Brotherhood of St Laurence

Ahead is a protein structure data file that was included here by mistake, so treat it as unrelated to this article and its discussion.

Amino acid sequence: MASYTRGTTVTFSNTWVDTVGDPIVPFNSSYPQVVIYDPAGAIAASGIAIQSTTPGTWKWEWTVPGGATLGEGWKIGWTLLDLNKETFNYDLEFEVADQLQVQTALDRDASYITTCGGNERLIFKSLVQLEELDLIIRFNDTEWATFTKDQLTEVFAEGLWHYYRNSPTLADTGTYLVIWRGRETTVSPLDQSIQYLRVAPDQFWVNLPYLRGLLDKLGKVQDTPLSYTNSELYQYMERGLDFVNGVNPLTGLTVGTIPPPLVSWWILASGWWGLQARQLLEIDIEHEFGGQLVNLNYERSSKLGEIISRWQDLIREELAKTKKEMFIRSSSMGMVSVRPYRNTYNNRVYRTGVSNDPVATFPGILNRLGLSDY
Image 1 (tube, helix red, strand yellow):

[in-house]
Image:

It is only a year since the Global Financial Crisis (GFC) plunged most wealthy nations into recession. Australia escaped a 'technical recession' but unemployment rose by one third. Young people were among the worst affected because employers put new hires on hold, waiting for the economy to improve. This meant that many education leavers could not find work and many young people lost their casual jobs. Many young people who were unable to find a secure job last year are still out of work, because employers are reluctant to hire people who lack recent work experience. Between May 2008 and May 2009, the overall unemployment rose by one third but the unemployment rate for teenagers (15-19 years) rose by half. The unemployment rate for teenagers is still 18%, three times that of the labour force as a whole (at 5%). For young adults in their early twenties, the unemployment rate is 7%. In May 2010 there were 193,000 unemployed people under 25 on Youth Allowance or Newstart Allowance, of whom 94,000 had been unemployed for over 12 months. The rise of youth unemployment has affected some regions more than others. In seventeen of the country?s 69 ?labour market regions? teenage unemployment rose to more than 30% during 2009-10. Those regions include Wollongong (NSW), Northwest Melbourne (VIC), Far North Queensland, Western Adelaide (SA) and Central Perth (WA). This policy analysis describes the job prospects and financial situation of unemployed young people, and raises policy proposals to improve them. ACOSS members have long experience in this field, both in service delivery and research.



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